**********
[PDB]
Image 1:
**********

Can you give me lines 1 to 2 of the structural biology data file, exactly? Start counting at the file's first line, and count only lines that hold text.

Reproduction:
[PDB]
Image 1: